Fred William Sheffler
dec. 11 February 2018
Fred “Fritz” William Sheffler, Jr., peacefully went to be with his Lord on Sunday, 11 February 2018, surrounded by his family at home. He was born January 15, 1943 in Akron, Ohio, to Fred W. Sheffler, Sr. and Haydee Rose (Rapp) Sheffler. He was a graduate of Buchtel High School, attended Duke University and later graduates from Akron University. On November 20, 1965 he married his childhood sweetheart, Judith Ann Conrad. Fred proudly served 22 years in the United States Air Force as an F4 Phantom pilot. He served two tours in Vietnam and earned a silver star for shooting down a Mig 21 on August 15, 1972 while on a chaff mission north of Hanoi. He responded to the call “Take the Lead, Fred. Take the Lead”. It was one of the few Mig Kills during the War. After retiring from the Air Force as a Lt. Colonel, he continued his aviation career for American Airlines for 16 years. He volunteered and was a Board Member of the Grapevine Library, served in the VIPS for the Grapevine Police and was an active member in the S.T.V. Almrausch
Fred was preceded in death by his parents and older sister, Dorothy McCaulley. He is survived by his beloved wife of 52 years, Judith Ann (Conrad) Sheffler; daughter, Astrid Sumpter and her husband Gary; son, William Sheffler and his wife Krista; and 5 grandsons Roman, Brock, Corbin, Harrison, and Benjamin. Memorial Services were held at the Foust Funeral Home in Grapevine, Texas on February 24th at 2:00 pm.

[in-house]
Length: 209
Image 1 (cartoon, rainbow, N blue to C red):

Fred Sheffler Memorial Service After-Action Report
Family, friends, and Warhawk comrades gathered in Grapevine, Texas, on 28 February 2018 to mourn the passing of Lt. Col. (Ret.) Fred William Sheffler (January 15, 1943 – February 11, 2018). Affectionately known as “Fritz” and “The Great Shefftini”, Fred passed away peacefully at home with his beloved wife Judi at his side on 11 February 2018, after a long and heroic battle with prostate cancer.
From memorial service attendee Chip Lamb: “The Warhawks were represented and a patriotic flower arrangement from the Great Warhawk Nation graced the service. Several nickels were placed next to Fred’s urn saluting Fred’s fighter pilot days. After retiring from the AF, he flew for American Airlines for 16 years before retiring, then he volunteered his time and computer skills to his local library, local police department, and numerous organizations. He was truly a gifted and giving person”.
Click HERE for Fred’s obituary. While there, watch the tribute video to see some great photos of Fred from his storied life, and read through the remembrances.
Fred will be buried at Arlington National Cemetery later this year.